- D. A. Hidalgo, “Fibular free flap: a new method of mandible reconstruction,” Plastic and Reconstructive Surgery, vol. 84, no. 1, pp. 71–79, 1989.
- J. P. Anthony, J. D. Rawnsley, P. Benhaim, E. F. Ritter, S. H. Sadowsky, and M. I. Singer, “Donor leg morbidity and function after fibula free flap mandible reconstruction,” Plastic and Reconstructive Surgery, vol. 96, no. 1, pp. 146–152, 1995.
- J. B. Boyd, “Use of reconstruction plates in conjunction with soft-tissue free flaps for oromandibular reconstruction,” Clinics in Plastic Surgery, vol. 21, no. 1, pp. 69–77, 1994.
- M. L. Urken, D. Buchbinder, P. D. Costantino et al., “Oromandibular reconstruction using microvascular composite flaps: report of 210 cases,” Archives of Otolaryngology: Head and Neck Surgery, vol. 124, no. 1, pp. 46–55, 1998.
- R. Lopez, C. Dekeister, Z. Sleiman, and J. R. Paoli, “Mandibular reconstruction using the titanium functionally dynamic bridging plate system: a retrospective study of 34 cases,” Journal of Oral and Maxillofacial Surgery, vol. 62, no. 4, pp. 421–426, 2004.
- A. Cohen, A. Laviv, P. Berman, R. Nashef, and J. Abu-Tair, “Mandibular reconstruction using stereolithographic 3-dimensional printing modeling technology,” Oral Surgery, Oral Medicine, Oral Pathology, Oral Radiology and Endodontology, vol. 108, no. 5, pp. 661–666, 2009.
- S. Yokoo, T. Komori, S. Furudoi et al., “Indications for vascularized free rectus abdominis musculocutaneous flap in oromandibular region in terms of efficiency of anterior rectus sheath,” Microsurgery, vol. 23, no. 2, pp. 96–102, 2003.
- D. D. Jewer, J. B. Boyd, R. T. Manktelow et al., “Orofacial and mandibular reconstruction with the iliac crest free flap: a review of 60 cases and a new method of classification,” Plastic and Reconstructive Surgery, vol. 84, no. 3, pp. 391–403, 1989.
- M. L. Urken, H. Weinberg, C. Vickery, D. Buchbinder, W. Lawson, and H. F. Biller, “Oromandibular reconstruction using microvascular composite free flaps: report of 71 cases and a new classification scheme for bony, soft-tissue, and neurologic defects,” Archives of Otolaryngology—Head and Neck Surgery, vol. 117, no. 7, pp. 733–744, 1991.
- K. Hashikawa, S. Yokoo, and S. Tahara, “Novel classification system for oncological mandibular defect: CAT classification,” Japanese Journal of Head and Neck Cancer, vol. 34, no. 3, pp. 412–418, 2008.
- K. Eichner, “A group classification of missing teeth for prosthodontics,” Deutsche Zahnärztliche Zeitschrift, vol. 10, pp. 1831–1834, 1955.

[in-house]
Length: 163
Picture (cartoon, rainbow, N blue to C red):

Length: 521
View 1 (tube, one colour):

- T. Shibahara, H. Noma, Y. Furuya, and R. Takaki, “Fracture of mandibular reconstruction plates used after tumor resection,” Journal of Oral and Maxillofacial Surgery, vol. 60, no. 2, pp. 182–185, 2002.
- J. B. Boyd, R. S. Mulholland, J. Davidson et al., “The free flap and plate in oromandibular reconstruction: long-term review and indications,” Plastic and Reconstructive Surgery, vol. 95, no. 6, pp. 1018–1028, 1995.
- W. Knoll, A. Gaida, and P. Maurer, “Analysis of mechanical stress in reconstruction plates for bridging mandibular angle defects,” Journal of Cranio-Maxillofacial Surgery, vol. 34, no. 4, pp. 201–209, 2006.
- J. Arias-Gallo, P. Maremonti, T. González-Otero et al., “Long term results of reconstruction plates in lateral mandibular defects: revision of nine cases,” Auris Nasus Larynx, vol. 31, no. 1, pp. 57–63, 2004.
- C. B. Ijsselstein, S. E. Hovius, B. L. ten Have et al., “Is the pectoralis myocutaneous flap in intraoral and oropharyngeal reconstruction outdated?” American Journal of Surgery, vol. 172, no. 3, pp. 259–262, 1996.
- J. K. Ryu, R. L. Stern, M. G. Robinson et al., “Mandibular reconstruction using a titanium plate: the impact of radiation therapy on plate preservation,” International Journal of Radiation Oncology, Biology, Physics, vol. 32, no. 3, pp. 627–634, 1995.
- H. Schöning and R. Emshoff, “Primary temporary AO plate reconstruction of the mandible,” Oral Surgery, Oral Medicine, Oral Pathology, Oral Radiology, and Endodontics, vol. 86, no. 6, pp. 667–672, 1998.
Copyright © 2014 Akiko Sakakibara et al. This is an open access article distributed under the Creative Commons Attribution License, which permits unrestricted use, distribution, and reproduction in any medium, provided the original work is properly cited.